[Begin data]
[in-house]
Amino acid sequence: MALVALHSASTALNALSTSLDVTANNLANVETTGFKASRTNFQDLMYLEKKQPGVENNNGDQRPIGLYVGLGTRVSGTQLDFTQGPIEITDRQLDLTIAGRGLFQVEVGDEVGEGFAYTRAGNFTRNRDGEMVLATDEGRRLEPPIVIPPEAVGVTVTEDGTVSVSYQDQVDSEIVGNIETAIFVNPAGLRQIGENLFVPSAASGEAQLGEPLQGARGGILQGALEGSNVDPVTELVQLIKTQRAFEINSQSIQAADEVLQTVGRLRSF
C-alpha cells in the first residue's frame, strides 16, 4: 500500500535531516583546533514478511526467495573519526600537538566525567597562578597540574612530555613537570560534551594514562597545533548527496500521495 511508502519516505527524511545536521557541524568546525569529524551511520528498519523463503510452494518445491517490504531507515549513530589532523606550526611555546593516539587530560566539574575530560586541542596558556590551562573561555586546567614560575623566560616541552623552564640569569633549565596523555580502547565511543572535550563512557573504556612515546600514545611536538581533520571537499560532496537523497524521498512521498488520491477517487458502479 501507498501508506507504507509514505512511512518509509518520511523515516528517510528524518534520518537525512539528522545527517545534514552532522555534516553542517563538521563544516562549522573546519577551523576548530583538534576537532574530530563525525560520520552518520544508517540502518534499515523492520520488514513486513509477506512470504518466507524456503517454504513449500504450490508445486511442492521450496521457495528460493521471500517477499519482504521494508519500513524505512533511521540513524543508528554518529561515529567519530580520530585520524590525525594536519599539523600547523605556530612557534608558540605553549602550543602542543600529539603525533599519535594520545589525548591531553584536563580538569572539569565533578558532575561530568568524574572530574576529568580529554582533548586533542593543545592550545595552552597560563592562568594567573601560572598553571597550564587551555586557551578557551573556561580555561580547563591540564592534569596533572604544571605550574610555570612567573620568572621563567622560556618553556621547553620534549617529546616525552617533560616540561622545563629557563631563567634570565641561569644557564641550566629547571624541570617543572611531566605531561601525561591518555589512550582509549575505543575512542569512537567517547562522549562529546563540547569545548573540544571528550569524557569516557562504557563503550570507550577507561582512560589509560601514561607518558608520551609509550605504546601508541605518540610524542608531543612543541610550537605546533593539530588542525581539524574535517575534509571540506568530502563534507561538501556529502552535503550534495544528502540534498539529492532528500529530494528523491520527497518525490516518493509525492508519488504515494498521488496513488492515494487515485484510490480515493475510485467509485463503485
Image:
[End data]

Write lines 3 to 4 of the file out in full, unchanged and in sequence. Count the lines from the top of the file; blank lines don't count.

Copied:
C-alpha cells in the first residue's frame, strides 16, 4: 500500500535531516583546533514478511526467495573519526600537538566525567597562578597540574612530555613537570560534551594514562597545533548527496500521495 511508502519516505527524511545536521557541524568546525569529524551511520528498519523463503510452494518445491517490504531507515549513530589532523606550526611555546593516539587530560566539574575530560586541542596558556590551562573561555586546567614560575623566560616541552623552564640569569633549565596523555580502547565511543572535550563512557573504556612515546600514545611536538581533520571537499560532496537523497524521498512521498488520491477517487458502479 501507498501508506507504507509514505512511512518509509518520511523515516528517510528524518534520518537525512539528522545527517545534514552532522555534516553542517563538521563544516562549522573546519577551523576548530583538534576537532574530530563525525560520520552518520544508517540502518534499515523492520520488514513486513509477506512470504518466507524456503517454504513449500504450490508445486511442492521450496521457495528460493521471500517477499519482504521494508519500513524505512533511521540513524543508528554518529561515529567519530580520530585520524590525525594536519599539523600547523605556530612557534608558540605553549602550543602542543600529539603525533599519535594520545589525548591531553584536563580538569572539569565533578558532575561530568568524574572530574576529568580529554582533548586533542593543545592550545595552552597560563592562568594567573601560572598553571597550564587551555586557551578557551573556561580555561580547563591540564592534569596533572604544571605550574610555570612567573620568572621563567622560556618553556621547553620534549617529546616525552617533560616540561622545563629557563631563567634570565641561569644557564641550566629547571624541570617543572611531566605531561601525561591518555589512550582509549575505543575512542569512537567517547562522549562529546563540547569545548573540544571528550569524557569516557562504557563503550570507550577507561582512560589509560601514561607518558608520551609509550605504546601508541605518540610524542608531543612543541610550537605546533593539530588542525581539524574535517575534509571540506568530502563534507561538501556529502552535503550534495544528502540534498539529492532528500529530494528523491520527497518525490516518493509525492508519488504515494498521488496513488492515494487515485484510490480515493475510485467509485463503485
Image: